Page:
Now, your idea of a good friend is still the person who gives you the better of the two choices, holds your hand when you’re scared, helps you fight off those who try to take advantage of you, thinks of you at times when you are not there, reminds you of what you have forgotten, helps you put the past behind you but understands when you need to hold on to it a little longer, stays with you so that you have confidence, goes out of their way to make time for you, helps you clear up your mistakes, helps you deal with pressure from others, smiles for you when they are sad, helps you become a better person, and most importantly loves you!
There’s never a wrong time to pick up a phone or send a message telling your friends how much you miss them or how much you love them. You know who you are, pass it on to someone who you want to remind. And thank you for being a friend.
A friend knows the song in my heart and sings it to me when my memory fails.
The results of a computerized survey indicate the perfect Rabbi preaches exactly fifteen minutes. He condemns sins but never upsets anyone. He works from 8:00 AM until midnight and is also a janitor. He makes $50 a week, wears good clothes, buys good books, drives a good car, and gives about $50 weekly to the poor. He is 28 years old and has preached 30 years. He has a burning desire to work with teenagers and spends all of his time with senior citizens. The perfect Rabbi smiles all the time with a straight face because he has a sense of humor that keeps him seriously dedicated to his work. He makes 15 calls daily on congregation families, shut-ins and the hospitalized, and is always in his office when needed. If your Rabbi does not measure up, simply send this letter to six other synagogues that are tired of their Rabbi, too. Then bundle up your Rabbi and send him to the synagogue on the top of the list. In one week, you will receive 1,643 Rabbis and one of them will be perfect. Have faith in this procedure. One congregation broke the chain and got its old Rabbi back in less than three weeks.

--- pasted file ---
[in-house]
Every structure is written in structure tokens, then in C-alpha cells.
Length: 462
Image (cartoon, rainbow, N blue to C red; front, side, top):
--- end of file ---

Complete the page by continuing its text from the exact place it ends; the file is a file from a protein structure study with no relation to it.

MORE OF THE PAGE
I hung a camouflaged vest in the closet last winter but now I can’t find it.
A Kentucky Phone Company was going to hire a team of telephone pole installers, and the boss had to choose between a team of two rednecks and a team of two Irish guys? So the boss met with both teams and said: “Here’s what we’ll do. Each team will install poles out on the new road for a day. The team that installs the most phone poles gets the job”.